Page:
Alternatively, the exclusive deal with Harvey Norman runs out at the end of June, so hopefully this will allow for some more competitive prices. Here’s hoping.
10 May 2011
I was stoked last year when Microsoft decided to launch the new Windows Phone 7 devices in Australia and New Zealand. Now I know this is mostly due to it being a softer market to launch into where they can iron out any last minute show stoppers before the big launches into markets such as the US and Europe, but it was still very exciting to be one of the first in the world to be on the new platform.
During a press conference prior to the launch that Microsoft and Telstra hosted, one of the questions from the media asked about how software updates were going to be handled and the answer was that everyone would receive the updates at the same time, regardless of the carrier they were on which brought much joy to the wider audience. Fast forward 4 months when Microsoft started to release the first software updates in February (firstly a prep update known as pre-NoDo which was simply a patch to ensure the actual update went smoothly, then the real update - NoDo) and what do we find - the updates though they are coming from Microsoft via the Zune software, looks up your phone to see which carrier and does a verification to check if they have allowed the update.
Now at the time of writing (almost 3 months after the updates were released), all of the carriers in the world except two have release the update - Telefonica in Spain and Telstra in Australia (http://www.microsoft.com/windowsphone/en-us/features/update-schedule-world.aspx ), yet the frustrating thing is that Telstra were the launch partner! The big question on everyone’s mind is simply why? What could they possibly be still testing? If they find any bugs, its unlikely that Microsoft will stop the release seeing as all providers in the world except these two have released it. You would think this was a big enough testing bed to find any issues, plus any issues they did find, unless they were major bugs, would most likely be going into the next release (Mango). Its also very unlikely that there are compatibility issues between NoDo and the Telstra network, seeing as they already released the HTC HD7 pre-installed with the update over a month ago. So this bring me back to the initial question, why are they holding up the release, and the only conclusion I can come to is simply because they can. In a market where class actions are taking place against their competitors, it puts them in a position that those on the network are unlikely to up and change carriers (not mentioning the fact that I am locked into a 2 year contract) - even though the other carriers here in Australia have already released the NoDo update.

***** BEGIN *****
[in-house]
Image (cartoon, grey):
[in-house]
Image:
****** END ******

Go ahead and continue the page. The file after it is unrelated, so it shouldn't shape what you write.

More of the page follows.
So. the biggest thing that I find most annoying is the fact that we were led to believe at launch that we would not be left in this situation where the carriers hold us to ransom, for what gain I really don’t know.
Update: Telstra has released the update as of this morning. The update includes NoDo as well as the SSL critical update.
30 Apr 2011
I was listening to the Frankly Speaking Podcast the other day and was put onto a great new game for the Windows Phone 7 called Wordament. It’s essentially a word search game, but played in real time against other players on the internet. The board consists of 16 tiles and you have 2 minutes to try to find as many words as possible by dragging your finger from one letter to the next. At the end of the 2 minutes you get to see the words you missed, then get shown a leader board to see how you went against your online competitors. I’ve never been big on word games like boggle or scrabble, but the fast pace and the multi player aspect of the game gets you totally hooked in very little time.
One of the best recipes for phone games is they are easy to play, but take a long time to master, plus, you can play for as little as a few minutes or can play all day and this game certainly fits that bill nicely. You’ll go to bed and think, I’ll just have one quick game, and before you know it you’ve been sitting there playing for an hour. I’m totally addicted, not to mention the other great thing is that the game is free. Definitely give it a try.